In fact antiglobulin responses to rodent antibodies were starting to be observed as a key problem in the use of many different mouse and rat monoclonal antibodies in therapy, not just CAMPATH-1G. Some groups started to tackle this problem by making use of the kind of technology developed by Michael Neuberger and Marianne Bruggemann and constructed chimaeric antibodies with rodent V-regions and human C-regions.
In fact Michael Neuberger had joined forces with Greg Winter also of the Laboratory of Molecular Biology. They decided that not only would it be possible to make chimaeric constructs with rodent V-regions and human C-regions but that the V-region itself could be made more human like by transferring the rodent complmentarity determining regions onto the human framework regions. This new technology was called antibody 'V-region reshaping' or humanisation and it was hoped that this could provide less immunogenic antibodies. For their first antibody Greg Winter's group in collaboration with Michael Neuberger set about humanising the hapten-NP specific antibody heavy chain V-region.
When Herman Waldmann and I heard about the humanisation of NP by Greg Winter's group we immediately decided to contact him and persuade him to collaborate on a project to humanise another antibody of real clinical importance. We had sufficient evidence to know that CAMPATH-1G worked in vivo but that it's full potential was limited by the patients anti-globulin response to the rat specific sequences. Greg Winter agreed to a collaboration on this project and I started work in about 1986, together with Lutz Riechmann in Greg Winter's laboratory on the cloning, humanisation and expression of a recombinant form of CAMPATH-1G.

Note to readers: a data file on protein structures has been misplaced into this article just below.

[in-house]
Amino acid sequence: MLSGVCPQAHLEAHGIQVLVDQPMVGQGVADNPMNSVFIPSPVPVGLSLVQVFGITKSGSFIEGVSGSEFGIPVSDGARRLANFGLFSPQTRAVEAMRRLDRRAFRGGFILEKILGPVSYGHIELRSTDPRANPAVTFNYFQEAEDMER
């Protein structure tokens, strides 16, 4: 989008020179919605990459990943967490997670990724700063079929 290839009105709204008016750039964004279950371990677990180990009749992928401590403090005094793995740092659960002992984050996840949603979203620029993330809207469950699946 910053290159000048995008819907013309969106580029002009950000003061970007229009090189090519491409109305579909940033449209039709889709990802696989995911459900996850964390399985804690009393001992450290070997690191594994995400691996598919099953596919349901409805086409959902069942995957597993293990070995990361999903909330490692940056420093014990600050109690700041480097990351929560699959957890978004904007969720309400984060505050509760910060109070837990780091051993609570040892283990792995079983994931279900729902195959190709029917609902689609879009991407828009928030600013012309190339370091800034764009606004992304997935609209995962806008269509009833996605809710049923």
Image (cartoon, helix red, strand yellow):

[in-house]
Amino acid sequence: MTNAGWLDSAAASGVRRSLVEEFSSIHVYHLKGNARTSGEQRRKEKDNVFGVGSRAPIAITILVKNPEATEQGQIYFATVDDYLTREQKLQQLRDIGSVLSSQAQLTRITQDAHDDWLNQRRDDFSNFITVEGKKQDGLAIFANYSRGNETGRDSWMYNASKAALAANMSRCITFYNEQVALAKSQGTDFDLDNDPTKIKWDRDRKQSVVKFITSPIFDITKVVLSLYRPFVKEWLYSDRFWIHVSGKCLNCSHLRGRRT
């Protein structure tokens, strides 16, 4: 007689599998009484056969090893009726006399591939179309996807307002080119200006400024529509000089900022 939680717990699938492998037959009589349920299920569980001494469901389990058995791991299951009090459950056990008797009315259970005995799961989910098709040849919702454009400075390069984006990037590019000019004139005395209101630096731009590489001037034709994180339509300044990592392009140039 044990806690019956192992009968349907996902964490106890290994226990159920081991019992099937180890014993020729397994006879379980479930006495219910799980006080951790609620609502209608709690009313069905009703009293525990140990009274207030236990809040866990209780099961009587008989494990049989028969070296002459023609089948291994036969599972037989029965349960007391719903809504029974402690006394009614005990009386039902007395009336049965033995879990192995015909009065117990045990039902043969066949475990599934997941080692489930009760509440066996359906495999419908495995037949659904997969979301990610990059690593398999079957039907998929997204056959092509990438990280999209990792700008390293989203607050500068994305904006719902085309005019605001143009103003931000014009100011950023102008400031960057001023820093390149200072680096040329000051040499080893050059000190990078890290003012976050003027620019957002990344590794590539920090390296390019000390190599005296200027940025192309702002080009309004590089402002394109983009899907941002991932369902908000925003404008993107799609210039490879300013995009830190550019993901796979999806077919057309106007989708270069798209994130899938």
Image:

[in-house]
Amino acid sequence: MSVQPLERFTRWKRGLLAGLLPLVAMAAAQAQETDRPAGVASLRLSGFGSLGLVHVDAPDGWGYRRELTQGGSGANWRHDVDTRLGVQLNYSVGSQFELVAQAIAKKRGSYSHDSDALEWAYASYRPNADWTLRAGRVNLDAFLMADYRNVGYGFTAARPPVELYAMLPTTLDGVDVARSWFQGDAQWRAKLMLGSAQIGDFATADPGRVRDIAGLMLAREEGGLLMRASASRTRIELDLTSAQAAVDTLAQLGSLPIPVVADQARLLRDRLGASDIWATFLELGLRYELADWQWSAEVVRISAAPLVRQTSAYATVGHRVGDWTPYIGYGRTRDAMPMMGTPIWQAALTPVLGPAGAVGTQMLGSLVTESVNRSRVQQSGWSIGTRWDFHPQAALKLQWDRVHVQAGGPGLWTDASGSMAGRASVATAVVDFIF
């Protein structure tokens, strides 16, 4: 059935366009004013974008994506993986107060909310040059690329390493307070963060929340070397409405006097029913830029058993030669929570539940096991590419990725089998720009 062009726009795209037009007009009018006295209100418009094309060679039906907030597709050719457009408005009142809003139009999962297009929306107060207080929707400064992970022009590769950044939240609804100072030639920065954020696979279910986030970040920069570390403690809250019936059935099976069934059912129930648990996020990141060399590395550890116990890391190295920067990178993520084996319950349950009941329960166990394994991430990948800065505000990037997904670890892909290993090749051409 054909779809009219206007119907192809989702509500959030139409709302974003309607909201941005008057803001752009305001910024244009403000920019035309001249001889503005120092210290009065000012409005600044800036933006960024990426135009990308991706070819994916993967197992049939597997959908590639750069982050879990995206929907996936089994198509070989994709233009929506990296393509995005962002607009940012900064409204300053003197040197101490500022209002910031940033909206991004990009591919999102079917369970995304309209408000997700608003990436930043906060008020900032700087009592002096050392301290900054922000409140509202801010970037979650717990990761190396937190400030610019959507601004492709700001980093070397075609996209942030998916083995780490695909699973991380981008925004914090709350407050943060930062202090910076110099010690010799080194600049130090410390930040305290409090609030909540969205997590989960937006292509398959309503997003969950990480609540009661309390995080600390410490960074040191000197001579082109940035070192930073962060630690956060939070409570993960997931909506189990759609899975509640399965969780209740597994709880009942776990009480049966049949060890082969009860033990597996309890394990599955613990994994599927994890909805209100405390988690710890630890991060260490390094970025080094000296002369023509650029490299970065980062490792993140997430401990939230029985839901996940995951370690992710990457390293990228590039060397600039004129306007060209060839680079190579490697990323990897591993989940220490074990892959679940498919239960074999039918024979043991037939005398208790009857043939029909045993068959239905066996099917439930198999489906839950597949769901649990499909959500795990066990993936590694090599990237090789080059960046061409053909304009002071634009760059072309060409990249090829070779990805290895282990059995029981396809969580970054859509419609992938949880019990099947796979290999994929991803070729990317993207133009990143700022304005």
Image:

This project involved humanisation of an antibody to a cell surface glycoprotein antigen of unknown structure and thus posed additional problems to the humanisation of the anti-hapten antibody. We decided to tackle the project with several parallel strategies. First I prepared a heavy chain loss variant of CAMPATH-1G whilst Lutz cloned the rat heavy and light chain V-regions from the same cell line. Lutz then prepared chimaeric constructs with the rat heavy chain V-region and the four human IgG subclass constant regions for IgG1, IgG2, IgG3 and IgG4. These were expressed by transfecting them into the variant cell line making the rat light chain. The idea was that they would all have the same binding affinity as the starting rat antibody and we could thus assess the activity of the antibodies in effector assays based on a comparison of the human subclasses with rat IgG2b which we knew was effective in vivo.
The humanisation of Campath-1G to give Campath-1H proved to be successful although it proved necessary to make some changes to framework residues in order to restore binding activity to desired levels. Campath-1H was thus the first fully humanised antibody (humanised immunoglobulin heavy and light chain) against a protein antigen, against a cell surface molecule and of therapeutic potential. The results of this in-vitro work were reported in an article in Nature (Riechmann et al 1988).
The next step was to prepare therapeutic grade material for clinical testing. Most of this work was carried out in the Department of Pathology by Dr Jenny Phillips, culturing many litres of the transfectant cell line in roller flasks and then purifying the antibody using protein A. Enough antibody was prepared to successfully treat two lymphoma patients and this work was reported in The Lancet (Hale et al 1988). A further pioneering clinical study using this humanised antibody to treat a patient with an autoimmune condition (vasculitis) was also carried out by the late Dr Martin Lockwood and this study was also reported in The Lancet (Mathieson et al 1990).